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Patchogue trustee election focuses on downtown development

Three incumbent Patchogue Village trustees face a challenge from newcomer John Cucci in Tuesday’s election.

Trustees Lori Devlin, Thomas Ferb and Jack Krieger are running for new four-year terms on the village board. They are running together on the Patchogue 2016 ticket.

In interviews, the incumbents said they deserve re-election for their roles in helping to revitalize the village’s once downtrodden business district.

“We hope to continue to develop the village in the direction we’re going,” said Ferb, 71, a part-time financial adviser. “We need some retail. We’d like to get a hotel.”

Cucci, 59, is running on the Clean and Safe Village line. In a brief telephone conversation, he said he was too busy to be interviewed, and did not return subsequent phone calls and emails.

Cucci’s campaign website says he is a former Army Reserve combat medic who received a psychology degree from Stony Brook University and a law degree from City University of New York Law School.

On the website, Cucci said the village should hire two additional public safety officers in the summer and a public advocate to help residents cut through red tape.

“Patchogue is a beautiful village, and my family and I enjoy it year-round,” he said on the website. “However, for many reasons, it has gotten more populated and with the increased population has come more dangers, and more waste, litter and potential environmental hazards.”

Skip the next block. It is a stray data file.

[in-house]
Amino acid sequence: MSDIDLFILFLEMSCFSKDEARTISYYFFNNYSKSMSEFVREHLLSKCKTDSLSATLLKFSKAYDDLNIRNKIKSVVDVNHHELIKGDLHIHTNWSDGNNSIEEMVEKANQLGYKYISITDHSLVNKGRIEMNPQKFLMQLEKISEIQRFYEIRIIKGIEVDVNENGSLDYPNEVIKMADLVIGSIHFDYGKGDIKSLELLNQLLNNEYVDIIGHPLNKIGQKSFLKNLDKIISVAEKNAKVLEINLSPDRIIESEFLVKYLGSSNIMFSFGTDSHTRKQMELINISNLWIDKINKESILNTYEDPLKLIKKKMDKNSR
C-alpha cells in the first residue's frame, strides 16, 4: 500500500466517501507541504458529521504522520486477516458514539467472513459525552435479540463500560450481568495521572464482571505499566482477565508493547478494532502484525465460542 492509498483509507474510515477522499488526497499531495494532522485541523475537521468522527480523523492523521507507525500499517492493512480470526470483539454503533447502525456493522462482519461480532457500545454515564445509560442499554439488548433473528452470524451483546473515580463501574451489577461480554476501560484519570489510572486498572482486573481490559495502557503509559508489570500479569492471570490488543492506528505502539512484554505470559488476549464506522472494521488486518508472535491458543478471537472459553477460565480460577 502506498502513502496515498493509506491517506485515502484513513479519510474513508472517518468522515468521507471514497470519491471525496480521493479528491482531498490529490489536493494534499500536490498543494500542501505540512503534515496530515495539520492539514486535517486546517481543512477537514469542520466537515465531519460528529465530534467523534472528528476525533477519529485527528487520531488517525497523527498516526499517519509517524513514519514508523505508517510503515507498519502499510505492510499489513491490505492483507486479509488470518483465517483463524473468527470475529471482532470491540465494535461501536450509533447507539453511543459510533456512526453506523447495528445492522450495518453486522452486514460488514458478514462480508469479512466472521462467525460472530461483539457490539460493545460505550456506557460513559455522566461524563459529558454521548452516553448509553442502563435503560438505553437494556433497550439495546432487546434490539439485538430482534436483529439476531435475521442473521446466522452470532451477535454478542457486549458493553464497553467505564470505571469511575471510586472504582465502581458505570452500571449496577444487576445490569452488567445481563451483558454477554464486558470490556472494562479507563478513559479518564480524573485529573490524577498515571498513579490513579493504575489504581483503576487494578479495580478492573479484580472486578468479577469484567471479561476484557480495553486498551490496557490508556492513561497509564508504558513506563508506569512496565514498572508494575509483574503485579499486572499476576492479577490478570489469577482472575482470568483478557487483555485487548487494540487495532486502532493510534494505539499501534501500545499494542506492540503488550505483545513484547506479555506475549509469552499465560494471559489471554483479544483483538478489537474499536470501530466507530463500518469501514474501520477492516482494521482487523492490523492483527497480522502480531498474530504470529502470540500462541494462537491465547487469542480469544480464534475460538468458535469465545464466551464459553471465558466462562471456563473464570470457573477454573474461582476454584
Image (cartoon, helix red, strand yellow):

State records show that Cucci is a lawyer whose New York law license was suspended for three years in January 2015 for misconduct including collecting unreasonable fees and failing to cooperate with disciplinary authorities that he committed when he practiced law in Louisiana. He may seek reinstatement next year, state records show.

Krieger, 58, who works as a spokesman for Brookhaven Town, said Patchogue officials plan to add more downtown parking spaces. He said the village uses revenue from parking meters to buy land for more parking.

He noted the village has broken the state tax cap several times in recent years to ensure residents receive services.

“We want to provide all the services that our residents have come to expect for the Village of Patchogue, and we will control our spending,” Krieger said in an interview. “We are probably one of the most fiscally responsible and fiscally sound villages in New York state.”

Devlin, 59, a sales representative for Winebow, a Virginia-based wine distributor, and president of the Patchogue Arts Council board, said village revitalization has included improvements to sewers, parks and the village-owned Patchogue Theatre for the Performing Arts.

“It’s been great for economic development,” she said. “We still need some work.”

Mayor Paul Pontieri and Trustee Susan Brinkman, also of Patchogue 2016, are running unopposed. Brinkman, who was appointed to the board late last year when Trustee Bill Hilton resigned, is running in a special election to complete the remainder of Hilton’s term.

Voting is 7 a.m. to 9 p.m. on Tuesday.

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